Research has been able to clearly indicate that children do indeed need recess. As far back as 1885 and 1901, research shows that both children and adults learn better and more quickly when their efforts are distributed (breaks are included) than when concentrated (work is conducted in longer periods). More recently, the “novelty-arousal theory” has suggested that people function better when they have a change of pace. Because young children don’t process most information as effectively as older children, they can especially benefit from breaks. Also, Dr. Olga Jarrett and her colleagues were able to prove that “children become more on-task and less fidgety on days when they have recess.”
Being stuck in a place for a lengthy amount of time will also lead to even more complications. Many child psychologists concur with these facts, stating that recess and extracurricular activities such as gym, is a crucial part of the day, especially for elementary school students. Melinda Bossenmeyer, child psychologist and author of Peaceful Playgrounds says, “Recess is the time when kids can take pleasure in the outdoors while cultivate a passion for physical activity.” Children in elementary school have so much energy, recess and the freedom to run around permits a lot of the extra energy to be burned off. Not only is all that energy released, but students engage in physical activity, a very beneficial factor in a child’s fitness. If you eliminate recess and gym time, it will only cause students to be inactive. By implementing physical activity throughout a child’s day, it will help decrease their risk of obesity, which has become a huge concern over the past few years.
What about extending the school day? Adrian also comments on this proposal, stating that “making the school day longer will not be good. I just want to go home after a long day at school. Plus, we already do enough at school. I can’t be there any longer.” An anonymous Boston Public Elementary School Teacher responds to Adrian’s comment, saying that “even though I am all for the students and their performance, eliminating recess or even extending the school day may not be the best choice. We really do not want the hours to be longer. If you were to visit my classroom during the last period of school, then you would understand why students and teachers do not want the school days to be longer. By the last hour of school, not only are students fatigued from all the learning that has taken place during the day, but the teachers are fatigued from teaching all day. It takes so much effort from the students to be willing to learn and from the teachers willing to teach that by the time is it the last hour of school, everyone is ready to go home and relax.”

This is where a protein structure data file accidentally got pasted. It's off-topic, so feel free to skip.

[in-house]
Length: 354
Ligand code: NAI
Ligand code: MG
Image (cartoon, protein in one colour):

Even though teachers and students may not approve of these two approaches, there has been evidence that lengthening the school day may indeed be Menino’s plan of choice. In 2007, a few charter schools and 10 public schools in Massachusettes lengthened the school day by 25%, allowing more time for hands-on learning. Students received extra reading and writing time and math practices. These schools also reinstated former programs, such as Arts and sports, that were cut because of the extra math and reading time added in order to focus on the No Child Left Behind challenges. After only one year, the schools received alarming results, indicating a correlation between longer school days and students’ performance. Students who scored as “least proficient” increased their math scores by 7.2%, their science scores by 4.7% and their English scores by 10.8%. The average growth of students achieving proficiency in the initial 10 schools was a total of 12.7 points in math on the exam. After U.S. Senator Edward M. Kennedy reviewed these statistics, he urged Congress to pass a bill that would give schools funding to begin the longer day format. The future funding to continue the programs is unknown though. It will take millions of dollars for Mayor Menino to enact his plans and many teachers’ unions do not comply with this because their pay comes into question. A union source said teachers would not oppose longer days but would seek increased pay, which is a difficult task given current economic crisis. Hopefully though Mayor Menino will look beyond all that and focus on what benefits a child more.